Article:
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Wage Theft Prevention Act Annual Notice Requirement Remains in Effect

  • December 3, 2012

The Wage Theft Prevention Act (“WTPA”), passed in 2011, requires employers to provide employees with an annual notice regarding their compensation and other terms of employment. The notice must be provided to all employees between January 1 and February 1 of each year, regardless if they previously received a notice. Earlier this year, the New York State Senate approved the repeal of the annual WTPA notification requirement, but the bill was not adopted by the Assembly. So for now, the annual notice requirement remains.

The notice must include:

  • Rate or rates of pay, including overtime rate of pay and basis thereof;
  • How the employee is paid, for example, whether the employee is paid by the hour, shift, day, week, salary, piece, commission, or another measure;
  • Allowances, if any, claimed as part of the minimum wage, including tip, meal, or lodging allowances;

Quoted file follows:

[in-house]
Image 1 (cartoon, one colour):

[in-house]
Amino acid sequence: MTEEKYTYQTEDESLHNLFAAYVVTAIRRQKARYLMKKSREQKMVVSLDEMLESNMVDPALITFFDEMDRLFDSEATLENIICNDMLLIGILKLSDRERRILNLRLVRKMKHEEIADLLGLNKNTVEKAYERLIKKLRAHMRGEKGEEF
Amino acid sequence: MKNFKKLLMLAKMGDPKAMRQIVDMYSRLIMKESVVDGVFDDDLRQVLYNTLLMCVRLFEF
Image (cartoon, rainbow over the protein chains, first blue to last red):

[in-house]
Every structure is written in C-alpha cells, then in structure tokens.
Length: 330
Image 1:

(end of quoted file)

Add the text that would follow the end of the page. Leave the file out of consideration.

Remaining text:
• The regular payday;
  • The name of the employer and any DBA names used by the employer;
  • The physical address of the employer's main office or principal place of business and the mailing address if different; and
  • The telephone number of the employer.

The WTPA form must be provided in both English and the Employee’s “primary language.” The New York State Department of Labor (“DOL”) provides a sample annual notification form in English as well as in Spanish, Chinese, Haitian Creole, Korean, Polish and Russian on its website. However, employers are under no obligation to utilize the DOL’s form and may utilize their own form as long as the information required under the statute is provided.

Legislative efforts to repeal the annual notice requirement will likely begin next year. We will keep you updated on any changes.

We will continue to monitor developments and keep readers apprised of any upcoming changes to the state minimum wage law.

©2012 Jackson Lewis P.C. This material is provided for informational purposes only. It is not intended to constitute legal advice nor does it create a client-lawyer relationship between Jackson Lewis and any recipient. Recipients should consult with counsel before taking any actions based on the information contained within this material. This material may be considered attorney advertising in some jurisdictions. Prior results do not guarantee a similar outcome.

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